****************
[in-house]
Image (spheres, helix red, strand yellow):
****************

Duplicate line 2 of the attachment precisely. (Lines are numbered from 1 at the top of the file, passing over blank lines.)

Image (spheres, helix red, strand yellow):